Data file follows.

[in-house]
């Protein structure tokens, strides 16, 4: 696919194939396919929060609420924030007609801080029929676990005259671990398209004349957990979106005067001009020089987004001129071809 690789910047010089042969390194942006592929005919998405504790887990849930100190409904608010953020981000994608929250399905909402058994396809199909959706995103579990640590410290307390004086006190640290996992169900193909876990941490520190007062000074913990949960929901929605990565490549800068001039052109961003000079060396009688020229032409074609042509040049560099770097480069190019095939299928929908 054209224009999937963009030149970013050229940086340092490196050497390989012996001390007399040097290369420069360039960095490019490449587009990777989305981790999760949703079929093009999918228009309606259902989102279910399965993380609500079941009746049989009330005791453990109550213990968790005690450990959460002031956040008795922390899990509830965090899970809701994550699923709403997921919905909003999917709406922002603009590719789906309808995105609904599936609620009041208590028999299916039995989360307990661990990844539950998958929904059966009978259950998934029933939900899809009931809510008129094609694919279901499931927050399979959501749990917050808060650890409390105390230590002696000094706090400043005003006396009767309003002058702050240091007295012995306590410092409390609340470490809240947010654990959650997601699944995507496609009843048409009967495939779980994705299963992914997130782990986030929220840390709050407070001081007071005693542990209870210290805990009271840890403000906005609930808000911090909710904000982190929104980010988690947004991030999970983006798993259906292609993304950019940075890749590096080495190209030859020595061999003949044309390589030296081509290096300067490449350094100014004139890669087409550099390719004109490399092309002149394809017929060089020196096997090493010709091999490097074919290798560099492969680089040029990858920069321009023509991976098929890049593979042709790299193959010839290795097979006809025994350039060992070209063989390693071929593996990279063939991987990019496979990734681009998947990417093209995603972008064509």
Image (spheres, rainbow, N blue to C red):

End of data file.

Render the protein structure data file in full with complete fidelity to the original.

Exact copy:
[in-house]
């Protein structure tokens, strides 16, 4: 696919194939396919929060609420924030007609801080029929676990005259671990398209004349957990979106005067001009020089987004001129071809 690789910047010089042969390194942006592929005919998405504790887990849930100190409904608010953020981000994608929250399905909402058994396809199909959706995103579990640590410290307390004086006190640290996992169900193909876990941490520190007062000074913990949960929901929605990565490549800068001039052109961003000079060396009688020229032409074609042509040049560099770097480069190019095939299928929908 054209224009999937963009030149970013050229940086340092490196050497390989012996001390007399040097290369420069360039960095490019490449587009990777989305981790999760949703079929093009999918228009309606259902989102279910399965993380609500079941009746049989009330005791453990109550213990968790005690450990959460002031956040008795922390899990509830965090899970809701994550699923709403997921919905909003999917709406922002603009590719789906309808995105609904599936609620009041208590028999299916039995989360307990661990990844539950998958929904059966009978259950998934029933939900899809009931809510008129094609694919279901499931927050399979959501749990917050808060650890409390105390230590002696000094706090400043005003006396009767309003002058702050240091007295012995306590410092409390609340470490809240947010654990959650997601699944995507496609009843048409009967495939779980994705299963992914997130782990986030929220840390709050407070001081007071005693542990209870210290805990009271840890403000906005609930808000911090909710904000982190929104980010988690947004991030999970983006798993259906292609993304950019940075890749590096080495190209030859020595061999003949044309390589030296081509290096300067490449350094100014004139890669087409550099390719004109490399092309002149394809017929060089020196096997090493010709091999490097074919290798560099492969680089040029990858920069321009023509991976098929890049593979042709790299193959010839290795097979006809025994350039060992070209063989390693071929593996990279063939991987990019496979990734681009998947990417093209995603972008064509």
Image (spheres, rainbow, N blue to C red):